In the Parameterized Report, how do I get the “Fan Pts” column on the far right of the cube formula report to respond to those parameter cells in the top left?
Easy. The report is just formulas, so I can combine them with the parameter cells using Excel arithmetic.
Naming the Parameter Cells: a Readability Convenience
The parameters themselves live in cells C3, C4, and C5. I can reference them that way, but to make things easier to read, I’m going to give them names.
I just click inside that control and start typing to give C3 another name. In this case, I name it YardsPerRushPt, below:
That will make my formulas easier to read, and also provides an added benefit later then I publish to SharePoint.
I then repeat this process for the other two parameter cells, C4 and C5, which I name YardsPerRecPt and PtsPerTD, respectively:
The formula was always going to be easy to write, but now it will also be easier for us to read and understand. Here is the formula in the Fan Pts column:
"[Measures].[Rush Yards]") / RushYardsPerPt
"[Measures].[Rec Yards]") / RecYdsPerPt
"[Measures].[Rush TD]") * PtsPerTD
All three CUBEVALUE terms are identical except for the measure they reference, and the parameter they either divide or multiply by – I have highlighted the differences in blue.
Note how I have used the cell names I defined above, rather than cell references. This is an under-used and beneficial feature in Excel, and not at all specific to PowerPivot.
Dealing with #N/A – The Excel IFERROR() Function
Sometimes, a player will not have recorded any of a particular statistic. This is especially true when you start slicing the report and the circumstances get narrower.
When that happens, Excel will often display #N/A in the cell instead of 0. (In a future post I will delve into what determines 0 vs. #N/A).
Sometimes #N/A is ok to display. But in the Fan Pts column, it’s a problem. A player will often record yards but no TD’s, for instance. But once a single term in the formula above goes to #N/A, the entire formula goes to #N/A, which is incorrect since that player DID have other statistics.
We just want #N/A terms to be treated as 0 in cases like this. And the IFERROR() function in Excel is precisely designed for this. If we wrap each term in IFERROR, we can specify an alternate value to be returned when an error like #N/A is encountered.
IFERROR is a very useful function overall, and all PowerPivot Pros should get to know it (a phrase that conjures memories of Jon Lovitz on SNL). It can also be used to return custom strings in place of errors like “No data recorded.”
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Parameters Exposed in SharePoint-Published Reports!
Time for that “extra” benefit of named cells. In my last video, remember how there was that expandable task pane rendered in Excel Services, that allowed me to change the parameter values interactively?
I said that required no coding, and that’s the truth To activate that feature, you have to tunnel down a bit in the Excel UI, because hey, only hardcore folks like readers of this site would ever need such a thing, right?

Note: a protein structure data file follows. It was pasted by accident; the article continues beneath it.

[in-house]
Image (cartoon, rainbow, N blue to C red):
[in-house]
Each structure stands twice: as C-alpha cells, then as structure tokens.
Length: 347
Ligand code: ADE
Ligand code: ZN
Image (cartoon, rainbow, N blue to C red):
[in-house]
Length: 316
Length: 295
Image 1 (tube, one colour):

First you go to the File tab in Excel and choose the “Share” option:
Then pick the “Publish to Excel Services” suboption, and click the button of the same name that I have highlighted:
The dialog that comes up looks exactly like the Save As dialog. And that’s what it is. But there’s a new button there, highlighted below. Click it!
Almost there, don’t give up! There are two tabs on the resulting dialog. The default tab, the Show tab, is very useful, but let’s skip that for now and switch to the Parameters tab:
Clicking the highlighted “Add” button yields the following, final dialog in the chain:
Every named range in the workbook appears here as a checkbox. (Slicers are treated as named ranges, too, so that they can be referenced in formulas as well). I select all three of the names representing my parameters, and then tunnel back out, clicking OK as I go.
(I can then save the file locally or save it to SharePoint, or cancel the Save As dialog and do a normal save later – in each case, the parameter settings will now be saved).
When I view this report on SharePoint, using the browser, the parameters pane will now appear automatically.
Parameters as Web Part Interface
The parameters pane is the simplest way to leverage these exposed parameters. But those three cells are now also exposed as part of the web part framework, enabling other controls in SharePoint to send input values to the report.
That’s an advanced topic and only mentioned here in case you happen to be a SharePoint programmer as well
What Next? Aren’t We Done?
Nope, we are not done. We haven’t yet covered how to support dynamic sorting! So that’s coming up.
And keep in mind that this whole foray into cube formulas is a bit of an advanced topic, and it gets trickier as you add more features into the report. None of this is necessary for building PowerPivot reports – pivots are going to be your answer most of the time anyway.
Denny Lee, Your Time Has Come!
My esteemed colleague, Denny Lee, has found his way into the deep end of the pool lately with a series of posts about Top N PowerPivot reports.
I have a lot of respect for Denny. After all, the man can write MDX, and the existence of MDX is in some ways the reason why we had to create PowerPivot (…to replace MDX with something less intimidating). And no one ends a sentence with “eh!” like Denny
But apparently Denny did not get the internal executive memo: high-end Excel techniques are the domain of one Rob Collie, the PowerPivotPro!
Denny, you see, is now on my turf. As they say in Excel power users circles, it’s, ahem, “on” now.
So my next few posts now have two purposes: to explain how I did the dynamic sorting, and to give you some (cough cough, superior) alternatives to those MDX-backed techniques outlined by Denny.